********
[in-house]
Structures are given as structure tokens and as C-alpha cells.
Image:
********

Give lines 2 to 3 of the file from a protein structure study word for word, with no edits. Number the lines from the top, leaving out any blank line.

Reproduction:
Structures are given as structure tokens and as C-alpha cells.
Image: